The first book co-authored with Travis S. Taylor.

Yes, I freely admit it. I am a Harry Potter fan. I am not a particularly rabid one, but I did enjoy the films, which in turn introduced me to the books, and I ended up reading every one, and waiting for the latter books to come out -- though not with bated breath. It was more a case of having piqued my curiosity to see how it would all work out in the end. (This is, by the way, the sign of good writing -- she made me care about the characters. If there are other problems -- punctuation, grammar, awkward wording and structure, too much description, all these accusations have been leveled at Rowling -- look to the editors; it is their job to see that those things are corrected by the writer.) More importantly, I am a writer myself. I know how the business works, on many levels. I know what constitutes good writing, and I know that success in this industry is to some extent dependent on whatever the Next Big Thing is, and whether or not you manage to catch that metaphorical wave with the surfboard of your writing. Okay, crazy sounding analogy, but still, it fits.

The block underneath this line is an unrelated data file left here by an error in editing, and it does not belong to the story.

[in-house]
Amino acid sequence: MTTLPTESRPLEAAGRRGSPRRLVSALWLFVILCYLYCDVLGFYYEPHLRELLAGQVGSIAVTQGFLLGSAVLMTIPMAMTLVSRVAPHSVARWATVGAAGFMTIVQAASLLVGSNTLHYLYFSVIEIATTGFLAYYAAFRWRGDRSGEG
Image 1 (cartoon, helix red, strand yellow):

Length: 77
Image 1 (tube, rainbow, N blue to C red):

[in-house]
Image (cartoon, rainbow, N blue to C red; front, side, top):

The second book co-authored with Travis S. Taylor.

You know what I tell interviewers -- and students -- when I'm asked how to become a writer? I tell them to READ. Then read, and read, and read some more, and read the GOOD STUFF. The stuff that becomes, or already is, classic literature. Because in the end, they all started out the same way we do: potential writers sitting down with a blank piece of paper and an idea, having never written a story before. But they do it in such a way that it speaks to the human condition, to the human heart, and that's how and why they become classics. In reading classics, modern and historic, the conscious and subconscious mind picks up on how and why these stories "work" for us, and then when you sit down to write your own stories, your brain 

distills out what it learned from reading the classics, and your own writing becomes better for it. If you're lucky, like I have been, you have friends among those upper levels willing to take you under their wings and mentor you, teaching you to make your writing better and better. If not, why not? I've found that the majority of authors are more than willing to sit down and talk to a newbie writer, or to a writer who hasn't had the same level of success, and offer suggestions and advice. How do I know? Hey, look at some of the pictures in this particular blog article -- I took my own advice and ASKED 'em!
What you DON'T do is tell the writers of those classics, those best-sellers, to take a hike.
The HuffPo writer started off by saying her friend told her people would think it was just sour grapes.

Hey, Ms. Shepherd? She told you so.

--Stephanie Osborn

P.S. There are some other really good commentaries over on Sarah Hoyt's blog and the Mad Genius Club blog.